It’s the staff Moses carried on his way to the Promised Land, the rod St. Patrick used to chase the snakes out of Ireland, my defense against the ‘possum in the basement rafters, an obsolete security system. To me it's a thing of beauty—shoulder high, smoothed by hands over the years, with a lightness that belies its strength. Yet in the eyes of others it simply may be a big stick.

When he was a boy, my little brother Mark had a knack for finding things in the woods—extraordinary things like a motorcycle and ordinary things like the stick. The stick just appeared at our house one day when I was in my teens, and when I got married and moved away, I decided to take it with me. I didn’t ask him if I could take it. Mark was still a kid; he didn’t protest.

It moved with me many times over the years. It has been placed by the front door, in the corner of my bedroom, beside the fireplace. In every house it found a spot where it felt useful and it stayed there, standing watch, protecting me.

Three years ago my little brother Mark was murdered. Even the stick couldn’t have stopped the bullet that was fired point blank into his back. And Mark’s stick stays with me, my connection to my little brother, my defense against a cruel world. It always was and always will be such a special stick.

Thursday, March 6, 2014

Lessons in grief and forgiveness

“Please, Lord, teach me a new way. Open my mind, my heart to your wisdom, not to my own failed, flawed thinking. Help me to learn from the example set by Jesus to forgive all wrongs. Yes, it’s hard. I want to own my hurts, to hold on to them, and I don’t know what replaces them. But it’s time. I don’t know how to do it. Just teach me. Please teach me.”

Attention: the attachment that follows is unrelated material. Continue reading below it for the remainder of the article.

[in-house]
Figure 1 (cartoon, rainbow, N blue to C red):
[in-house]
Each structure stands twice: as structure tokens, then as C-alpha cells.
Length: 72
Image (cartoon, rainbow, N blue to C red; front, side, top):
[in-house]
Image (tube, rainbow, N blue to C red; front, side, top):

That prayer I wrote in my journal about a month ago. And I am writing this, here and now, to testify to the amazing power of God. He listened. He answered my prayer and my heart is filled with gratitude. God has been leading me further and further down this path I am trying to describe. I didn’t see it coming, but now I recognize that, all along, the pieces were coming together. He was showing me the way, teaching me how to forgive.

For the past few months I have been participating in a wonderful weekly Christian support group called GriefShare. I joined the group because I could not seem to get past the grief of losing my father, my brother, and my friend Mike in little over a year’s time. Three deaths in a row, including the murder of my brother, was a big load to carry. In late January the group worked on the topic of forgiveness. After the session, as I worked at home through the forgiveness exercises, I became more and more angry. Reading that God expects me to forgive others as He has forgiven me made me so furious that I threw the GriefShare workbook across the room. “What have I done that is so bad to deserve this injustice? Nothing compared to what was done to me—being mistreated by that SOB, my brother murdered by that lunatic, my father’s death, Mike’s death, my aloneness.” I seethed. But I began to sense that holding on to the anger and bitterness was only hurting me more. It doesn’t hurt God when I am angry with Him. It just leaves me frustrated, withdrawn, with an aching emptiness in my chest. I wanted to cry, wail, and scream. I wanted to punch God in the stomach, throw rocks through plate-glass windows, slam my car into something. I kept cycling through this little dance—retreat, move forward, retreat—without accomplishing anything, without learning how to forgive. The workbook said to keep praying about it, so I prayed. I realized that God is stronger than my feelings and I had to turn it over to Him because I can’t do it myself.